The outfits are amazingly intricate.

We borrowed six different contemporary Powwow outfits that are from six different dance styles from people in the local native community. Added to this are historical looks from our collection, so visitors can see how things are connected to different dance styles over time.

I assume many of them were crafted using original methods?

We highlight different media, like porcupine quillwork, which is an art technique that’s indigenous to native North America and is still an active artistic practice. There’s also ribbonwork from an Osage master ribbonworker. You’ll see a lot of color, texture, and pattern, as all of these elements are a big part of powwow clothing, especially contemporary versions. Because powwows have a competition element to them, these elements help attract the judges’ eyes. Rich, saturated colors are very prominent, but now it’s getting brighter and flashier. For example, there’s a men’s fancy dance outfit in the exhibition that uses the shiny side of CDs and surveyor’s tape. It’s so you get the flash of light with the movement. The surveyor’s tape replaces what people used to use, which was dyed horsehair on the end of feathers to get movement.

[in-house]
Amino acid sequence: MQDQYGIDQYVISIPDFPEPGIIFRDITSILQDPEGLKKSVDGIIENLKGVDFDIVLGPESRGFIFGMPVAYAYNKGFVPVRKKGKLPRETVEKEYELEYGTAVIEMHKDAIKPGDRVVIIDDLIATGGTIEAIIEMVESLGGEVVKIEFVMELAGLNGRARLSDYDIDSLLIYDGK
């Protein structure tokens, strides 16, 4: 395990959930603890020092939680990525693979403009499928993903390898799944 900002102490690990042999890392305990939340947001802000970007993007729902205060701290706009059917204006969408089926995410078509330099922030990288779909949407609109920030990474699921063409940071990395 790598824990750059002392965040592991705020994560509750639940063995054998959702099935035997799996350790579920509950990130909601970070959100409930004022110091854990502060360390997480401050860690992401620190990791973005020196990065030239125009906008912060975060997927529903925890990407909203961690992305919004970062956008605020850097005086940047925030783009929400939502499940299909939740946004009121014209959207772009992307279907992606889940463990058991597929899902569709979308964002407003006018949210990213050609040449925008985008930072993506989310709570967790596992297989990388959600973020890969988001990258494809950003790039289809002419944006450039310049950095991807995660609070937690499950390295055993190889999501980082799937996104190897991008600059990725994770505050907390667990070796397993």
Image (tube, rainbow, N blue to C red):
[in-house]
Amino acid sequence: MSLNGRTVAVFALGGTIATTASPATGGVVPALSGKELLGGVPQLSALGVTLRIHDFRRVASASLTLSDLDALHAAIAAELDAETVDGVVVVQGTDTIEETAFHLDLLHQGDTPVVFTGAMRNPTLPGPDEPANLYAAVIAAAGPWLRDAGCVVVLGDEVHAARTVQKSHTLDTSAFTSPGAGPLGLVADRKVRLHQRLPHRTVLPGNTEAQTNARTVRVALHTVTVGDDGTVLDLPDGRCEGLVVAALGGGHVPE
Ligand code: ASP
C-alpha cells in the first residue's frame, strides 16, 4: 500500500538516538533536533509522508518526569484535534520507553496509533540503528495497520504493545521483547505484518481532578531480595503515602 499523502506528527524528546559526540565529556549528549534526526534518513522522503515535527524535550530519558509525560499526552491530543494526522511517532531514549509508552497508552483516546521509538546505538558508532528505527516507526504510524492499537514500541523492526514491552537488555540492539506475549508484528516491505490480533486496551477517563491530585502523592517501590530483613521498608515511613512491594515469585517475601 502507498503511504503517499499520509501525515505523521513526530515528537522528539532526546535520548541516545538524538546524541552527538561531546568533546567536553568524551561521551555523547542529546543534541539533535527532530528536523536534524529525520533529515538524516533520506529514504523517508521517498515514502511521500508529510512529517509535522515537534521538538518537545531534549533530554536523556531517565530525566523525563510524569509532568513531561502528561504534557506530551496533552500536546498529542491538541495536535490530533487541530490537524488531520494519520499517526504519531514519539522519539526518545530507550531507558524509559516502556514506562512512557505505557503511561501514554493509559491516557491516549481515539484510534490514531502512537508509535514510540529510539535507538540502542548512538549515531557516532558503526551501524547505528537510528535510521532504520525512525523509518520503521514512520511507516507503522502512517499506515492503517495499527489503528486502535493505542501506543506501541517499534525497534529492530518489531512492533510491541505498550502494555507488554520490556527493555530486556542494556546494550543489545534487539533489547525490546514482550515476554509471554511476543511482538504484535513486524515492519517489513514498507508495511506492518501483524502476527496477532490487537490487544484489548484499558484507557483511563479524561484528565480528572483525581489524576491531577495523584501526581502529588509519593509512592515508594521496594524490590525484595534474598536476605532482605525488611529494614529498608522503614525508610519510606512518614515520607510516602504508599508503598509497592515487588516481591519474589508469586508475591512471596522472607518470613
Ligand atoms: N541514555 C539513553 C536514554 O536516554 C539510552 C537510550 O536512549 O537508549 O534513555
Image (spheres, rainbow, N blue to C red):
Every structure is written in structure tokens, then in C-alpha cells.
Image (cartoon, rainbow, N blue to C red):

That sounds pretty progressive…

The classic response is, ‘Native people always used what was available to them.’ Even from the earliest time of trade when they first got glass beads or brass bells or even the use of metal thimbles, all of these kinds of things started to get incorporated into native clothing. There’s a lot of duct tape that’s used today for repairing things or connecting things, and the response that native people always say is, ‘Well, if my ancestor had duct tape, they would have used it.’ There’s a practical element to it.

From fashion shows to summer music fests, you see non-native people using the headdress as a fashion statement piece. How do you react to that type of cultural appropriation?

There’s a lot of literature out there making it akin to dressing in black face. Historically, those feathers and the bonnets were given to elders who earned the right to use them based on their level of humility, wisdom, and generosity. It was an honor to be given these items. There’s also a more insidious level to this as well. For generations, native peoples were persecuted and prohibited from speaking their language and from wearing their native attire. For generations, this was literally beaten out of them. So, for someone non-native to now say, ‘We’re going to wear a headdress because it’s really cool’ is a slap in the face to native people.

Follow fashion editor Georgia Benjou on Twitter at @gabenjou, Pinterest at /gabenjou, and Instagram at /gabenjou.